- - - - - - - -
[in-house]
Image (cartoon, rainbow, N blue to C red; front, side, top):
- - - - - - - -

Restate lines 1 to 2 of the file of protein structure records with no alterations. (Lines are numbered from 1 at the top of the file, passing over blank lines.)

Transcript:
[in-house]
Image (cartoon, rainbow, N blue to C red; front, side, top):